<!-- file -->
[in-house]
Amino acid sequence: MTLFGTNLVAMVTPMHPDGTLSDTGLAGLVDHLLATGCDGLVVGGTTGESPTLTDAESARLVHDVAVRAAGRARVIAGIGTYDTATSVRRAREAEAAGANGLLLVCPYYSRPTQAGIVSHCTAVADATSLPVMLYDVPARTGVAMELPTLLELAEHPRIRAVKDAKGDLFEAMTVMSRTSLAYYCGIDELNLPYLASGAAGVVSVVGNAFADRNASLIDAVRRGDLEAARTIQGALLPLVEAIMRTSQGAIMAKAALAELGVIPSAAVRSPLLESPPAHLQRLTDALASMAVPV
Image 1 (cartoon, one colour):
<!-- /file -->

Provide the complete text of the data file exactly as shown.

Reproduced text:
[in-house]
Amino acid sequence: MTLFGTNLVAMVTPMHPDGTLSDTGLAGLVDHLLATGCDGLVVGGTTGESPTLTDAESARLVHDVAVRAAGRARVIAGIGTYDTATSVRRAREAEAAGANGLLLVCPYYSRPTQAGIVSHCTAVADATSLPVMLYDVPARTGVAMELPTLLELAEHPRIRAVKDAKGDLFEAMTVMSRTSLAYYCGIDELNLPYLASGAAGVVSVVGNAFADRNASLIDAVRRGDLEAARTIQGALLPLVEAIMRTSQGAIMAKAALAELGVIPSAAVRSPLLESPPAHLQRLTDALASMAVPV
Image 1 (cartoon, one colour):